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The public policy blog of the American Enterprise Institute
The US government ran a surplus of $112 billion in April 2013, according to the Congressional Budget Office, $52 billion more than a year ago. Now, April is usually a good month for the treasury thanks to income tax payments. Still, the surpluses recorded in April 2012 and 2013 were the first seen in that month since 2008. More good news: Revenue for the first seven months of the fiscal year is up 16%, or $220 billion, from the year-ago period.
To the number crunchers at Potomac Research, the combo of those surging revenues and the sequestration spending cuts points to a stunning possibility:
… official forecasters will have to radically alter their projections this summer. The CBO forecast of $845 billion in red ink this year, 5.3% of GDP, is hopelessly outdated; the deficit will fall well below 5% of GDP, perhaps to about $700 billion. Then the improvement really takes hold — instead of the official forecast of a $616 billion deficit in fiscal 2014, we’d anticipate something like $500 billion, close to 3% of GDP. And in fiscal 2015, the deficit could drop below 2% of GDP, perhaps to $300 billion.
Call us crazy, but if the economy finally lifts off in 2014-2015, with GDP growth in the 4% neighborhood — with the sequester still in place — a surplus by fiscal 2015 is not totally out of the question.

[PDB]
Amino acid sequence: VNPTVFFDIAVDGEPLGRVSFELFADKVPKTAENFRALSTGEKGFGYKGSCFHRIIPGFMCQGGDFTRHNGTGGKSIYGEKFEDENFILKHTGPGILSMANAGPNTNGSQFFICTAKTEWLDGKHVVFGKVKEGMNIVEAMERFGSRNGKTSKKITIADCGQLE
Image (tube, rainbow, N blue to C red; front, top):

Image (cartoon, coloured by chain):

With revenue coming in above expectations and spending below, the deficit numbers are turning out way better than expected. Merely a sharp drop might greatly influence the current austerity debate. (Keep in mind that even if GDP growth should approach 4%, the belated upturn would still mean the recovery has been a weak one by historical standards.)
If the federal government runs an actual surplus, few politicians are going to want to hear much about the latest Simpson-Bowles debt reduction blueprint. And not only might pressure mount to rejigger the sequester, but good luck to the Obama White House in getting any more tax hikes out of Congress. The real concern, of course, is that any momentum or interest in long-term entitlement reform might evaporate.
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